The Davis-Bacon Act (in conjunction with the Contract Work Hours and Safety Standards Act) requires that contractors on Federal programs submit weekly payroll reports certifying that they correctly classified their workers according to work actually performed and that workers be paid not less than prevailing wages and benefits for each classification. Prevailing wages are determined by the U.S. Department of Labor.
A whistleblower accused James River Air Conditioning Company of underpaying its workers and submitting false certified payroll reports for work it performed on several federal construction and renovation projects. The Justice Department evidently saw merit in the whistleblower allegation and decided to initiate an investigation into the matter.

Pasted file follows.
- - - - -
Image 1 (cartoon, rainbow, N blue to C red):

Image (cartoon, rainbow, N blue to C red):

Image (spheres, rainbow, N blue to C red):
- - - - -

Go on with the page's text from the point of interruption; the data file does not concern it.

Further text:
The investigation was coordinated among a gaggle of investigative agencies including including the Inspector Generals of the Labor Department, the Defense Department and the Veterans Affairs Department as well as the Army Criminal Investigation Command. Certainly all of those resources cost the Government more than the $625 thousand James River agreed to pay to get the matter behind them - especially after paying the whistleblower $106 thousand as his qui tam reward.
There was no determination of civil liability in this matter. The Government's claims settled by this agreement were allegations only. Certainly James River was glad to put this matter to rest.